Benefits and Probationary Period Requirements for Student Organizations

Once formally recognized and approved as a student organization, the organization is on probationary for the first two semesters and organizations must show that they held at least one “substantial” event during their probationary period. Additionally, new student organizations must hold at least one event without alcohol during their probationary period. Should a new group need funding before the next SBA budget allocation cycle/during their probationary semesters, they are permitted to request contingency funding through the SBA Appropriations Committee.

Recognition as a formal student organization grants the group access to:

  • SBA funding: Organizations are able to request contingency funding during their probationary semesters. After the probationary ends, organizations are eligible to request a full semester budget.
  • Advertising: Organizations are able to advertise on all campus advertising platforms, including a CampusGroups page for the organization, the ability to submit for inclusion in the OSL broadcast, a table at the Student Org Fair, and posting to digital signage/bulletin boards.
  • Space: Organizations are able to reserve on-campus space for events and programs directly, in line with current procedures and protocols.
  • Fundraising: Organizations may fundraise externally, via Bar Reviews, or internally.

Community Interest Groups (CIGs)

Community Interest Groups will be subject to a different process for recognition. The barrier to entry is much lower to allow for as many CIGs as there is student interest. Additionally, CIGs are not meant to be held to any rigid meeting or membership structure, but instead designed to be more fluid, allowing students to join the fun when it fits their schedule. In order to preserve the pool of SBA funds for the most active student organizations, Community Interest Groups will have different rights and privileges than traditional student organizations as outlined above. It is important to note that students will self-select their organizations model, with appropriate guidance and advising from OSL staff as needed.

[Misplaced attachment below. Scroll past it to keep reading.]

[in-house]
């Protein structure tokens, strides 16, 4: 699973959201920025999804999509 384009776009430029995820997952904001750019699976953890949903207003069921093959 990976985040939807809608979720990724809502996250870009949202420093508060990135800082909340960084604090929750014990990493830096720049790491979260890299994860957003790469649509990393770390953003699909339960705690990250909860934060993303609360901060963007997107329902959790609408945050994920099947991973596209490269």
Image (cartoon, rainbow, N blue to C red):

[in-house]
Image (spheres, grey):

Requirements to form a CIG

To form a Community Interest Group, a student need only provide:

  • One leadership member (for example, the name and NetID of a president or leader)
  • A list of 10 interested students and one to two sentences about why they are interested
  • A mission statement of the group

The minimal application is designed to allow for the maximum amount of community building with the lowest burden on students and staff.

Benefits and Restrictions for CIGs

A major distinction from the student organizations is that Community Interest Groups for each academic year will exist as a cohort and operate without the independent authority of a full student organization. The goal is not to penalize groups but to make it easy for students to see all of the opportunities to connect based on their interests on an ongoing basis and in one place.